Day 360, Year 1: The Value of a Dry Cockpit
Date: Friday, October 13, 2006
Weather: More Wind and Rain
Location: Fangakima Cove, Kapa Island, Vava’u Group, Tonga–Anchorage #7
Friday the 13th combined with very windy and rainy weather kept us on a safe mooring in Fangakima Cove here at Kapa Island today. We really wanted to go around to Tapana Island at anchorage #11 so we could have dinner at the Le Paella Restaurant, but it is a very popular place and we were afraid that in the windy conditions, it could be crowded and unsafe. Thirty to thirty-five knots have been predicted. We know the mooring we are on here is secure, so we spent a quiet day here and hope to go to Tapana tomorrow morning.
The new King of Tonga and Prince ‘Ulukalala Lavaka Ata came to Neiafu this afternoon and will be staying through the weekend at the King’s Palace. We have heard that the King will be at church on Sunday morning and will then be attending a huge feast. We know it is possible to get from Anchorage #11 to town by road, so we will hope to make it to town on Sunday morning. The mourning period for King Taufa’ahau Tupou IV ends on Tuesday, and the new King has come up here to the Vava’u Group to make it official. He will return to the capitol of Nuku’alofa in the Tongatapu Group for the final ceremonies ending the mourning period. We are planning on attending a Tongan feast tomorrow night and will be interested in seeing if there is a return of singing and dancing. Both have been banned since the King died in early September.
We just returned from having a delightful dinner aboard Jade. Idunne, Runae, Hedda, and Marita from Blue Marlin were also there. Idunne made a great chili, Vivian and Cam made a sausage spaghetti, and I brought fresh salad and a chocolate cake. The cake didn’t rise properly, but it was still a big hit with the kids. It was a great evening. We learned a lot about Hong Kong from Arni and discussed a possible sail plan for years two and three of this voyage that would include the Philippines, Hong Kong and Viet Nam. Runae is interested in doing that and we enjoyed listening to the possibilities.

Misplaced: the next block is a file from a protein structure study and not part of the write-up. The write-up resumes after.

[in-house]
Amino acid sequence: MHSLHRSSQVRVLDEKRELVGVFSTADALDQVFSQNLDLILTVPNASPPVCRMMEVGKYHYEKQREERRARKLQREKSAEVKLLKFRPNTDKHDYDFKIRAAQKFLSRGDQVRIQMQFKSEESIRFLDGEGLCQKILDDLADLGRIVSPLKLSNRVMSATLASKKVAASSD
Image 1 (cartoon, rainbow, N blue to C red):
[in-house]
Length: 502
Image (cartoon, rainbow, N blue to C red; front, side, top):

It has been raining off and on for the last 36 hours, sometimes a torrential rain and at other times just a drizzle. I mentioned in yesterday’s log that I spent part of the afternoon cleaning the mildew spots off the inside of the cockpit overhead canvas. It seemed like a really good idea until the canvas started leaking like a sieve. We have only a little bit of 303 High Tech Fabric Guard that is the water repellent that we use and we have looked everywhere in the South Pacific for something to replace this to no avail. We tried to order it from West Marine and have it sent to American Samoa, but it is illegal to send it via airplane. So last night for the first time on this voyage, we had to clear the cushions out the cockpit to keep them from getting soaked. Then we started thinking about the voyage to New Zealand and realized that it could be absolutely miserable in a leaky cockpit. It was then that we began to appreciate the wonderful luxury we have. Many have admired it and now we realize why. We have plastic curtains in the cockpit that can be rolled down to provide a complete enclosure. In the cold, wet weather we sometimes experienced in New England, it was a life saver. We didn’t expect to need it in the South Pacific, but we have had a very wet season and have used the enclosure since we arrived in the Society Islands. We have had passages when others have been miserable, but we have been fine because we have been dry. I was so sad to think that my eagerness to clean could cause us to have a soggy passage to New Zealand, but this morning, once the inside of the canvas dried, the leaking stopped. We are going to check with the Moorings to see what they use on their charter boats and hope that they have 303 High Tech Fabric Guard or something similar. If not, we are going to hope that things continue as they did today, not like the drippy conditions we had last night. Those conditions gave us a whole new appreciation for Windbird. She has kept us dry and happy so far on the voyage and we hope she can continue to do so for one more month until we are tucked away in New Zealand.